Title: A World Undone
Author: G.J. Meyer
Read: August 2010
Summary: Highly Recommended
Doing research for the sequel to my novel I started reading a number of histories of World War I. This is simply put: an amazing single volume history of the war, its causes, and course of events (but not the post-treaty fallout). I’ve read hundreds (or more) of history books, and as single volume war histories go — this is excellent. I’d recommend it to anyone who wants to understand the world we live in, because the modern political arena was forged in World War I (far more than WWII). The often autocratic (or at least Imperialist) regiems of Europe were not prepared for what it really meant to bring the full might of post industrial powers into conflict. The last real shakeup of Europe had been a hundred years earlier with the Napoleonic wars, but the 19th century had remade the economies of the world. The clash, cataclysmic in terms of everything, ended the old world order. All of the big old autocratic states collapsed (Prussia, Russia, the Hapsburgs, the Ottomans) and even the winners were left unable to hold onto their empires. Meyer does a great job introducing the players gradually so as to not overburden the story of the war’s origins with background. It reads like a taut horror novel — and that’s pretty much what it is.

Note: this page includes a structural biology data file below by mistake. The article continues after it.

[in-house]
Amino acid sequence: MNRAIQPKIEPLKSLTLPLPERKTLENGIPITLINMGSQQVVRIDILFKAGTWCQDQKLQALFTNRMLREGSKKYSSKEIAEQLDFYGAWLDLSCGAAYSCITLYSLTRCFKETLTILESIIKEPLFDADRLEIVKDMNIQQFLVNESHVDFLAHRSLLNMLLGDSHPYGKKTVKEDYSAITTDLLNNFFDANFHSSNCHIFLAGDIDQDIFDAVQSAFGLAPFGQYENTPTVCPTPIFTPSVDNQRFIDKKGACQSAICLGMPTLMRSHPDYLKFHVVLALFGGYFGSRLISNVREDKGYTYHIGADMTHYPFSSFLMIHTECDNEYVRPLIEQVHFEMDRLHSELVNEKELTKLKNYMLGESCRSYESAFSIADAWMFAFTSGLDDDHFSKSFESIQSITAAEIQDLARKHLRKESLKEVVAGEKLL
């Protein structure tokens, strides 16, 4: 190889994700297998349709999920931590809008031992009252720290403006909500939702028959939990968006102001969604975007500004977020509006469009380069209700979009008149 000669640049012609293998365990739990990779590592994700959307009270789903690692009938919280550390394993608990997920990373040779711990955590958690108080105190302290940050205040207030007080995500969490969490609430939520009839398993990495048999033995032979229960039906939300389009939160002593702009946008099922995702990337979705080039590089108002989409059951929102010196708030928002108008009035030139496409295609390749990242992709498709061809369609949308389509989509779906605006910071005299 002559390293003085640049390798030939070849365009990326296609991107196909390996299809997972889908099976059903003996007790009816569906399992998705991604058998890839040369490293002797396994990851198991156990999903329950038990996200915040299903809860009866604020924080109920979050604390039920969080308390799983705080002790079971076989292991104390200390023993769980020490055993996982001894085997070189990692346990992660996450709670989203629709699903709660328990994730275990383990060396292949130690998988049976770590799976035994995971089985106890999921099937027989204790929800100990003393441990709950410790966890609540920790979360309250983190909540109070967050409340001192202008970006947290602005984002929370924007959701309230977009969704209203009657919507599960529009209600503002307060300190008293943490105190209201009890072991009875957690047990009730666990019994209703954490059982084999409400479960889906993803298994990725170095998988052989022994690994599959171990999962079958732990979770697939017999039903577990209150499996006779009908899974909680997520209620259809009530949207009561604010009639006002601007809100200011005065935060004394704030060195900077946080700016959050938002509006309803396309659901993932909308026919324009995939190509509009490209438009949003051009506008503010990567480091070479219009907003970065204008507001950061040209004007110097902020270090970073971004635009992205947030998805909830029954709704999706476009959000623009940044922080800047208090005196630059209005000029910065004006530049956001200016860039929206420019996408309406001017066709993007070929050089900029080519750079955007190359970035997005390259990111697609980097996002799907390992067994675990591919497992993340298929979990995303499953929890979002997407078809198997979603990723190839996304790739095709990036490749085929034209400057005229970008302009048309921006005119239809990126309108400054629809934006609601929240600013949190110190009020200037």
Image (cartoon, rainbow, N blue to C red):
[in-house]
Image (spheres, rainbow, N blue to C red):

How would compare this to “The Guns of August”? (Also, not to be a pain but taught -> taut?)
Of course being a grammar nazi requires me to make a grammatical error. I should have said “How would *you* compare this to ‘The Guns of August?'”?
Guns of August covers pretty much just the causes and opening of the war. This covers through the Treaty of Versailles. GoA has more detail about the section it does cover for obvious reasons.
[…] remains of Europe’s cast system like a crystal vase dropped off the Empire State Building (HERE for some of my thoughts on that). In any case, this series is to a large extent about this particular moment, so indicative […]
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